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The case in favour of spam

Funny names, free stuff, battle of wits


David Rider


Saturday Post

Saturday, July 26, 2003

In the prevailing political climate, spam e-mail is considered only slightly less sinister than kiddy porn. But I like it. Spam, that is.

It may seem heretical given the tsunami of outrage crashing down on bulk e-mailers from consumers, corporations and lawmakers, but I've had worse uninvited guests than spam, and at least a few amuse me.

The gatecrashers vying to lengthen my genitals, shrink my debt and inflame my loins arrive in various guises. Some go by boringly obvious names, like Porn King. But I've had one from Osama Suddam. Isn't he in my hockey pool? And Dylan Bobby, who has offered to refinance my home, also sounds strangely familiar.

But I enjoy the ones with bizarre monikers most. Recently arrivals have included Santiago Pickett, Babington Bayola and Alba Crooks. I'm convinced the ghost of Charles Dickens is floating around in Spamland. Guess from which mind -- novelist or spammer -- these handles sprang: Chauncey Edmonds, Esther Summerson, Thomas Gradgrind, Lotoya Crepeau, Caddy Jellyby, Wallace Crawley, Tamara Santiago, William Guppy, Fatima Hovis, Ulysses Bermudez, Monsieur Heretofore and Alexa Clutterbucks. Answer: Edmonds, Crepeau, Crawley, Santiago, Hovis, Bermudez and Clutterbucks are all spam.

There's a Web site called notbbc.com with a "Great Made-Up Spam Names Of Our Time" forum. A typical posting: "Vintage day for names today -- in the last hour I've had the following: Dorice Kilgore, Gwendolyn Harrington, Omar Lugo, Hans Hopkins, Vito Gomez." Another, obviously savouring the sound of Oralia Wisinski, simply concluded: "God bless spam."

Amen, sister.

Spam is also useful because it requires you to distinguish it from the real meat -- the e-mails you want to read. Even Canadian Internet expert Rick Broadhead doesn't always get it right: "I don't have a spam filter," says Broadhead, who has written 32 Internet-related books. "I highlight them all -- usually they're all together -- and hit delete. But sometimes I have to open one or two of them." He pauses, then adds, "Here's one: 'I found it.' I wasn't sure. Found what? What the heck's that about?" So he opened it. "A kind of grin crosses my face whenever I get caught because anytime I open an e-mail and it's spam, I feel, 'They got me.' It's an art form."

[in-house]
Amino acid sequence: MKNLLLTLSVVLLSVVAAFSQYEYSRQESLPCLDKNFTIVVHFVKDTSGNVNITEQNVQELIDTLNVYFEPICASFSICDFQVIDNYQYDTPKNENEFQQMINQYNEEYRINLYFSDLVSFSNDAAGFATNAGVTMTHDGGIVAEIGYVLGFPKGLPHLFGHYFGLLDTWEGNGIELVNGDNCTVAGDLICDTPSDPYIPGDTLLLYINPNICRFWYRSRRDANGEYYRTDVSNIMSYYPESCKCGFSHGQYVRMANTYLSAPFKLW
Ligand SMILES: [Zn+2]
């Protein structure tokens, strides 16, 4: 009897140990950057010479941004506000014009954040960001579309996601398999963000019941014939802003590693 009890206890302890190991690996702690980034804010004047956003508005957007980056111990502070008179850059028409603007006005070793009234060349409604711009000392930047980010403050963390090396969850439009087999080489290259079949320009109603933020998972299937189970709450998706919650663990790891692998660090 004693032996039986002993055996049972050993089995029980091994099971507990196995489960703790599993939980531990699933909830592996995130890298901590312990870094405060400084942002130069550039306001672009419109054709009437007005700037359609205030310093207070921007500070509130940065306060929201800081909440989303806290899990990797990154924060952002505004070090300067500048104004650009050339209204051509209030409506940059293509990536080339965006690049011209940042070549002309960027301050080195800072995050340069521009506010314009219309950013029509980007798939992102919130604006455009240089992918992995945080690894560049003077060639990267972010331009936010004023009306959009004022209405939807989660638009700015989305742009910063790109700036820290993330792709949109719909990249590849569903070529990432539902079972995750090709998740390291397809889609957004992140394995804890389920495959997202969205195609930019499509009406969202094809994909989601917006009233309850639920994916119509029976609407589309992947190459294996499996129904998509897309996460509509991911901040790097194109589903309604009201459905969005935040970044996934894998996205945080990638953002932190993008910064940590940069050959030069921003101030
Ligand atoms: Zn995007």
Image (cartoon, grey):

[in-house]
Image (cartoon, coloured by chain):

Here's another good thing about spam: People get a lot of stuff for free, so what's a little inconvenience? Plus, the spam backlash is a witchhunt in which politicians scramble to condemn the wrongdoers with penalties more suited to the war on terror. And why don't we squirt the same venom at companies bombarding our real mailboxes with unsolicited paper ads?

Karl Mamer, a Canadian who used to write a newspaper column called CyberSpace, proves you can hate spam yet enjoy it. He is one of many who have scammed the spammers. The results are on the Web site www.yrad.com/

"Conversations with a Nigerian Bank Scammer" is the title of his hilarious exchange with Marco, a perpetrator of the now-familiar dodge that starts by requesting help moving a fortune out of an African country in exchange for a cut.

Mamer responds that the offer to make 10% of $23.7-million is fortuitous, since he just happens to need seed money for a "free-range pitbull farm." Then follow a series of rambling missives full of nonsense from Mamer in response to Marco's error-ridden e-mails apparently originating in South Africa. Marco finally abandons his correspondence after Mamer accuses Marco of being part of a religious conspiracy involving a universal language "like Espresseronto."

Just think --all that fun borne of a single e-mail. Unsolicited, under attack, undervalued. Spam.

 Copyright  2003 National Post




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